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Making the new give-way rule changes interactive

By March 16, 2012News, Opinion


Here’s a new way to learn the changes to our road rules that take effect on March 25. It’s smart, interactive and fun, as Courtney Sit reports.


In just under two weeks, the give-way rule ┬áchanges in New Zealand’s Road Code will come into play. It means that we will have the same rules as most other countries but what does it mean for those who are already used to the current rules?

As we start counting down to the change, we have started to see some how the New Zealand Transport Agency (NZTA) is aiming to educate the driving population on how the changes will affect drivers. Just like the Road Code, these are in the form of static illustrations using coloured cars and viewing them, we have to determine which car should give way to whom.

I have found these pictures very confusing and that I didn’t quite understand them until I was behind the steering wheel and actually having to think about it as I was driving. If you are like me and find that you learn from visual cues, you might find e-Drive’s interactive site for the give-way rules a little more easier to learn from.

The module is sponsored by BP and provides 14 different scenarios of the give way rules in seven situations. They provide a simulation of how you would approach certain intersections, turning either left or right. The best feature of all is that it is a mix of simulation and filming made on actual New Zealand roads. It also includes driving around at night and scenarios when cyclists are involved. The system makes it simple to understand and if you get a question wrong, you are able to return to it and start again.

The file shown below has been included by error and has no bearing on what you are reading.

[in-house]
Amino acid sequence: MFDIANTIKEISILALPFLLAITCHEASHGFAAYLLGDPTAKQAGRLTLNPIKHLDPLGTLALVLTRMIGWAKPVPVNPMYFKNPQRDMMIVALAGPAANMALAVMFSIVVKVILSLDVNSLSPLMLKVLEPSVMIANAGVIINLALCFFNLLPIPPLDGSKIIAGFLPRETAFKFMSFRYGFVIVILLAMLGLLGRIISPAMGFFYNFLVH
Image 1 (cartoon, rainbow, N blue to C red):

The filming also includes the views of the rear vision mirrors to help make it feel like you’re driving an actual car. The speedometer also moves (but probably at slower speeds than you might be used too.

My only complaint is that the scenarios aren’t randomised. For one situation you are asked the question for either the vehicle turning right or the vehicle turning left, making it slightly easier to start guessing the answer. I believe that a slightly more random approach would encourage people to start having to think before answering.

Overall, the concept is smart, simple to undertake and easy to understand. I am glad there is a system like this because I can honestly say that after completing it, I do feel a little more confident about driving after March 25 – just so long as no else drives into me.